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Racial discrimination experienced by youth can have far-reaching health impacts well into their adulthood—and that is especially true for Black adolescents, new research out of Northwestern University concluded.

“There’s sometimes a tendency to say, ‘Oh, they are just kids—they will get over it,’” developmental psychologist and head researcher Emma Adam told Mother Jones. “But it turns out there can be lasting impact.”

The study was one of the first to look at the physiological impacts of prejudice and found that discrimination disrupts the body’s levels of the primary stress hormone, cortisol. When the body is in its natural rhythm, cortisol levels tend to be higher in the morning to rev up the body for the day, and wane as bed time approaches. However, among those who perceive higher racial/ethnic discrimination, cortisol levels see flatter declines during the day and remain higher in the evening than among those who face less discrimination.

Such dysfunctional cortisol levels can result in conditions such as higher fatigue, mental and cognitive problems such as impaired memory, cardiovascular disease and death, according to the study. And these effects can add up over time.

Researchers used data from the Maryland Adolescent Development in Context Study, a 20-year research project comprising Black and White participants from various socioeconomic backgrounds. It found that adolescents and young adults who experienced more discrimination presented more dysfunctional cortisol rhythms by age 32.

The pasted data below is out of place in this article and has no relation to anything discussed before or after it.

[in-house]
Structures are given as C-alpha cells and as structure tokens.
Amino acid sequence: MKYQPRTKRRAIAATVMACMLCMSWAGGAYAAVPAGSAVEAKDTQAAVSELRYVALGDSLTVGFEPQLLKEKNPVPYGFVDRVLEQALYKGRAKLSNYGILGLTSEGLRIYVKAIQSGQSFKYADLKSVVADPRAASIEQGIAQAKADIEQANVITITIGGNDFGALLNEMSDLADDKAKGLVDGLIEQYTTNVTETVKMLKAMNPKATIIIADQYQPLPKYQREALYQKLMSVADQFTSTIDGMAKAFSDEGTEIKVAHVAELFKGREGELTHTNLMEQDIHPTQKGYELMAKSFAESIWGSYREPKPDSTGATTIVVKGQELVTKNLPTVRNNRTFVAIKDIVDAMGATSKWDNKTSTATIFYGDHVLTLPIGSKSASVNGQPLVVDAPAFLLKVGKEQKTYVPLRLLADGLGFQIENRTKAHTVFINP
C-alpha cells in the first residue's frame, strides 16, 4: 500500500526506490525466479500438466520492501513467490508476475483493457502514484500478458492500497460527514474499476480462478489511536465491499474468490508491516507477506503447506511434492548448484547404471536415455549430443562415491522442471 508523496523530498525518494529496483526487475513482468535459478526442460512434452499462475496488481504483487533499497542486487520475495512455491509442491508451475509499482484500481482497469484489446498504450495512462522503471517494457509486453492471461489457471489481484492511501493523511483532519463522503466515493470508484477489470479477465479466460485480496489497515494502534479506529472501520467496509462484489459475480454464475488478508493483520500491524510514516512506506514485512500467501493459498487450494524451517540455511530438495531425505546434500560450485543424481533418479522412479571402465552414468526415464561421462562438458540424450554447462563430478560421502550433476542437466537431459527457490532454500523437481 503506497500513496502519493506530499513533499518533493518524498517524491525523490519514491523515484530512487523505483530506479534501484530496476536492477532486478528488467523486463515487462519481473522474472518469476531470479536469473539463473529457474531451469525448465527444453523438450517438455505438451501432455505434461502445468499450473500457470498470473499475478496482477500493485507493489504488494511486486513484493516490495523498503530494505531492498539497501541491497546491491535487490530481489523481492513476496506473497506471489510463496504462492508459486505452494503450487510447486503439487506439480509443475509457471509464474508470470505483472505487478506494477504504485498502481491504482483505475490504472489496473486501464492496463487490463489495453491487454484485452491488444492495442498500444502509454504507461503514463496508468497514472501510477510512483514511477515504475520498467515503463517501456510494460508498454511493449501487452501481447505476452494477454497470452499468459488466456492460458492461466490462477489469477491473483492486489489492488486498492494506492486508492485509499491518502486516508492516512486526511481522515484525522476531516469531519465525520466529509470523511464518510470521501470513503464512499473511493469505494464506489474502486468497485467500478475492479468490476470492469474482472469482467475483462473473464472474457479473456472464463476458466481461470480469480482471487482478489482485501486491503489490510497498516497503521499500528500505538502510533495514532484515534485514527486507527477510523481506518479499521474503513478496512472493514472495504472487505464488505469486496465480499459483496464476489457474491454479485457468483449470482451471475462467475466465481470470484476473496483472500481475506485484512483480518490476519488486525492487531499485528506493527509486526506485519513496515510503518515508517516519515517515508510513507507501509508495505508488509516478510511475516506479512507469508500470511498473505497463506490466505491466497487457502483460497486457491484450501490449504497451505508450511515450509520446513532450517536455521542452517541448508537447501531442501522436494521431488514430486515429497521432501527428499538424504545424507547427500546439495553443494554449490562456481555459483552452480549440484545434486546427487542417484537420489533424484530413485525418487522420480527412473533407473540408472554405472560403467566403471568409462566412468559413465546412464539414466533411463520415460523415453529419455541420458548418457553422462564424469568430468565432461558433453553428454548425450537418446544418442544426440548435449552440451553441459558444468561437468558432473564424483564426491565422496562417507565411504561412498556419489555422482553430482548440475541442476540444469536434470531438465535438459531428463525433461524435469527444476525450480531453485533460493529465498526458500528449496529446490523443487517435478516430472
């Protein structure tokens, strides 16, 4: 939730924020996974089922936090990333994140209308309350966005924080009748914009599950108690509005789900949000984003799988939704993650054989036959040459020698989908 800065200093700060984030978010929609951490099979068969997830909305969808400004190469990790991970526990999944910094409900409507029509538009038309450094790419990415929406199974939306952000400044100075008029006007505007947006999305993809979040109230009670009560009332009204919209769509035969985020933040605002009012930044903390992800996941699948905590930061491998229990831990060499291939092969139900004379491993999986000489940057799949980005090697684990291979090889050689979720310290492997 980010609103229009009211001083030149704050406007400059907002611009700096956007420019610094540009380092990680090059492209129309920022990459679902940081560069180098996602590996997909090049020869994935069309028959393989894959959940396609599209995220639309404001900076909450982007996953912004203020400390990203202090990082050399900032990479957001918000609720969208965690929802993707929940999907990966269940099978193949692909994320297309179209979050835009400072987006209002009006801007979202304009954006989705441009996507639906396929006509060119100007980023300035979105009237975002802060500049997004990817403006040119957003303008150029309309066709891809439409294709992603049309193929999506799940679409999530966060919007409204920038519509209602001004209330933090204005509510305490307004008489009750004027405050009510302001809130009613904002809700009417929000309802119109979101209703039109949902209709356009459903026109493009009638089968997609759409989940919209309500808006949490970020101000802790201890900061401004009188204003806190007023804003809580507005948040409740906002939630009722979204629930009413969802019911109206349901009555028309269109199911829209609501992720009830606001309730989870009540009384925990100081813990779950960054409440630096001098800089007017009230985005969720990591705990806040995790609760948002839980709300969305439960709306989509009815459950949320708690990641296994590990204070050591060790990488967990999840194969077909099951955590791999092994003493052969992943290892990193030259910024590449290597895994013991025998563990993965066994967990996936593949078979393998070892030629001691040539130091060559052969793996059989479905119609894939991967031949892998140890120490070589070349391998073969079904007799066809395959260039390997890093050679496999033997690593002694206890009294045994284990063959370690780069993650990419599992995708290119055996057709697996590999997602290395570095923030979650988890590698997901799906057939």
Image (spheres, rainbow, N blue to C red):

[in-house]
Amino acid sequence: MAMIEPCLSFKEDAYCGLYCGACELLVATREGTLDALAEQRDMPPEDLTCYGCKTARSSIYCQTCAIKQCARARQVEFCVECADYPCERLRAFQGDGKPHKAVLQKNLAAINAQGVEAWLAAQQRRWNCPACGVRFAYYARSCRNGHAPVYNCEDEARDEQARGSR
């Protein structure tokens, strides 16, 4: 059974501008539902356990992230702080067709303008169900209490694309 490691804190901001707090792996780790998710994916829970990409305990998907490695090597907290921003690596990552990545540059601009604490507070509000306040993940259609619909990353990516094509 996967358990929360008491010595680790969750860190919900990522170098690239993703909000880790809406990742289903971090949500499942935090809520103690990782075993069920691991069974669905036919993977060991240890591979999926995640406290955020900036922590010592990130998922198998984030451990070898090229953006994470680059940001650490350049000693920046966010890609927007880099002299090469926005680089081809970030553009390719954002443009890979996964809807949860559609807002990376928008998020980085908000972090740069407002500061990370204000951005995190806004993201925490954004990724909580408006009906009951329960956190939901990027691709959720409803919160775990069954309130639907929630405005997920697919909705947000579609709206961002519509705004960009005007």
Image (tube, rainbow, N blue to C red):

The phenomenon was especially pervasive among African Americans, even after controlling for other stressors, such as income, education, depression, times of waking and other health behaviors.

“We’ve been trying to solve the mystery behind why African-Americans have flatter diurnal cortisol rhythms than whites,” Adam, a faculty fellow at Northwestern’s Institute for Policy Research, said in a statement. “There’s a fair amount of research on how discrimination affects people in the moment. But we haven’t been sufficiently considering the wear and tear and accumulation of discrimination over lifetimes.  Our study offers the first empirical demonstration that everyday discrimination affects biology in ways that have small but cumulative negative effects over time.”

The study will be published in the December 2015 issue of the journal Psychoneuroendocrinology and can be accessed online.